On the outset, one would probably be tempted to say that Weak Thought (which ironically relies on a series of strong postulations in order to arrive at its ‘weak’-ness) is Vattimo taking Heidegger far too seriously as it concerns his preoccupation with retrieving Being and ‘leaving metaphysics to itself,’ while likewise takingNietzsche far too seriously as it concerns his preoccupation with destructive nihilism verses constructive nihilism. By the way that Vattimo has routinely interpreted both thinkers, one would be tempted to think that Vattimo sees his ‘Weak Thought’ as a way of surpassing metaphysics while at once ‘retrieving Being’ and also superseding destructive nihilism with constructive nihilism.

If one were to read only the writings of the later stages of his career, one would probably ask, ‘Why this method? Why this conclusion?’ which brings us back to the initial interpretation. Like I said before, Vattimo’s method and resulting interpretations often have such a relationship that one doesn’t quite know where one ends and the other begins. One always gets the sense that Vattimo is being playful, but he’s sure not going to tell us which aspect of his thought is play, just as one would gather that some of the qualifying interpretations of certain ideas were developed after he found the result he wanted, as is the case with some of the ways he talks about religion.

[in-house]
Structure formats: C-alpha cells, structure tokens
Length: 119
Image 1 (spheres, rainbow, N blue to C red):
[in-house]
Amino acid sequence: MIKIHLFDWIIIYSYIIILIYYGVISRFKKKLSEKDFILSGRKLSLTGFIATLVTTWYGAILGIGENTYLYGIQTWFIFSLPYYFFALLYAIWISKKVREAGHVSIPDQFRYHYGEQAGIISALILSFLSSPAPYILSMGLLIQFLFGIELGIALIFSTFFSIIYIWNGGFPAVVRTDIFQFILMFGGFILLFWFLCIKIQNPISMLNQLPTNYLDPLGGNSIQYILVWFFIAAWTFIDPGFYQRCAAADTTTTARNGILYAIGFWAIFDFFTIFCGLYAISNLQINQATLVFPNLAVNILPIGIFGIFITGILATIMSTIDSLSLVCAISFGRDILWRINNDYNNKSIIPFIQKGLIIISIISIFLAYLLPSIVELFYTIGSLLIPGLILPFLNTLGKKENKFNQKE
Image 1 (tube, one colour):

However, this essay suggests differently. As Vattimo tries to map out a few possible thoughts on the return of religion in the modern world, he stays close to a serious investment of Heideggerian views on Being, which means that the ‘event-like-nature’ of Being, if we play fair, would have to pan out along one line of events, since to suggest that two separate lines of event—one in which religion reveals the nature of Being through itself and the other in which reflection on the phenomena surrounding religion as a historical mistake using the faculties of ‘Reason’ (unavailable through the previous epic of Being) gives us an ‘accurate’ picture of ‘how the world really is’—becomes contradictory and untenable.